Noted jurist Fali S Nariman emphasised on Friday the need of dissent in judiciary, saying it sends out a message of assurance to curious public that the highest court of the country is in robust health and doing its allotted task well.
Nariman regretted a lack of dissent in the recent judgment delivered by a five-judge constitution bench of the Supreme Court unanimously upholding the Centre’s decision to abrogate Article 370 that bestowed special status on the erstwhile state of Jammu and Kashmir.
The top court also directed restoration of statehood for the present-day union territory of Jammu and Kashmir “at the earliest” and assembly elections there by September 30, 2024.
He was speaking as the guest of honour at the 28th Justice Sunanda Bhandare Memorial Lecture.
“Yes, I do believe it (dissent) is needed because often a dissent in a bench of judges, whether of 3, 5, 7 or 9, is not just a safety valve, it also sends a message of assurance to the ever curious and ever anxious general public that the highest court is in robust health and doing its allotted task well,” Nariman said.
On the Article 370 judgment, he said, on reading about the very exhaustive and learned judgment on Kashmir recently handed down by a constitution bench of five judges, his regret was that there was no dissent.
“A dissent would have made no difference to the outcome but still it would have helped the not so well informed general public to better understand and appreciate the contours of this very unique and somewhat complicated case about India’s northern-most state.
“And it is always necessary to recall what an American judge very wisely said a dissent may salvage for tomorrow a legal principle that has been omitted or forgotten today’,” he said.
He also referred to a book written by Justice Rohington Nariman a few years ago in two volumes about dissenting judges and their role in the world.
Supreme Court judge, Justice B V Nagarathna, who is likely to become the 54th and the first woman Chief Justice of India, delivered the 28th Justice Bhandare lecture on the “Role of Judiciary in Empowerment of Indian Women”.
Speaking of Justice Nagarathna, Nariman said besides her legal knowledge, he also admired that in important constitutional cases she has shown that she is able, ready and willing to dissent from the views expressed by other colleagues on the bench.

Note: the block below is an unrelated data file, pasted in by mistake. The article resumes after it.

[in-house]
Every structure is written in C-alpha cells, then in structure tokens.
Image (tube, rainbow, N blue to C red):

Delhi High Court Acting Chief Justice Manmohan said Justice Nagarathna’s journey in the profession has been remarkable and she has been an inspiration for many men and women in the profession.
The role of the judiciary in empowerment of the marginalised, especially women, is in a stage of constant evolution, he said, adding “Today, we find ourselves in an advanced stage of equality jurisprudence”.
“The topic chosen by Justice Nagarathna was well suited for the times we live in, especially when the apex court has transformed the constitutional vision of gender equality into a reality. The landmark decision granting permanent commission to women in the armed forces is a proud illustration,” Justice Manmohan said.
Speaking on the work done by Justice Bhandare in her lifetime, he said she was a true pioneer in the field of gender equality and women empowerment.
She led by example and, most significantly, her instrument of change was law, Justice Manmohan said, adding that Justice Bhandare would not let her vision be cluttered by a haze of prevailing bias and preconceived notions.
“With robust commonsense and brisk pace, she dispensed judgments with clear focus on solutions. It is a great quality which any judge must have.
“Even when she was struck with a major illness, she continued to preside over as a judge and despite pain and discomfort she presided over the bench and delivered many memorable judgments,” he said.